After the evacuation, all throughout our community, people have felt alone and isolated, as if they are still evacuated and displaced. People are experiencing high levels of stress and anxiety, suffering from depression, battling PTSD/PTS and facing the increased risk of burn-out, but there is help out there for those who need it. Since the fire, something in the way we speak of mental health has shifted, and people who would never have dreamed of speaking of it candidly are suddenly opening up to friends, to family, to mental health professionals. Mental illness has long been regarded as a sign of weakness, something that is easily avoidable if you only will yourself hard enough to be happy. But now we know, we are learning, that this is far from the truth. We are coming to terms with the fact that mental illness is not a weakness, but that it is often a symptom of having experienced trauma, loss and grief - and that it can happen to anyone. One can look at it as we do the immune system; some of us never seem to get sick, while others catch a cold as soon as someone sneezes at the other side of the office. Learning that it is natural for our bodies to react when our minds are put through stress, and that it is also natural that we all might react differently, is a giant stride towards healing - both for individuals and as a community.

Openly speaking of how we are feeling without judging each other, including ourselves, for their emotional state is a beautiful thing that allows us to better understand each other and give each other space to heal. The wildfire changed how we approach one another, allowing us to be speak more openly about our experiences and helping us realize that it’s okay to not be okay. That these things take time. And that we are all there for one another.

Sometimes, we look around us and realize that we are covered in ash. It can be a desperate feeling, a hollow and overwhelming feeling that is laced with despair, but in the ash grows plants you would otherwise never see, emitting hypnotizing scents and iridescent colours. Sometimes, they are small and smell odd. That’s okay too. Lamenting over weak muscles doesn’t make them stronger, we have to sweat and push for that to happen. Strength develops and cultivates through difficulties, from sorrow we can learn empathy and patience. Emerging from times of turmoil and chaos is when we can see things with absolute clarity. You never know how strong you are, until your strength is tested. As we go on, we learn that strength is far more than gritting your teeth and riding out the storm. Sometimes, strength can be found in vulnerability, in asking for help when everything seems overpowering and dark.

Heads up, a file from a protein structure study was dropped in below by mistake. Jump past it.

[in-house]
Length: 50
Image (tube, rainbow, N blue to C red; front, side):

The road to recovery has been bumpy, and will not be an easy ride right off the bat. One year later, our journey towards healing and normalcy is far from over - but along the way, our community has come together, we are learning to be there for not only each other but for ourselves as well. When life becomes overwhelming, when darkness is enveloping and it feels impossible to leave bed - remember the light, those acts of kindness, that realization that we are stronger than this. The Beast showed us and the rest of the world the incredible beauty of our community, that we are more than just an industrial patch in the boreal forest, that some flowers growing from the ash will surprise the world with their vibrancy. Together, we are the beauty in the Beast. 

Sidebar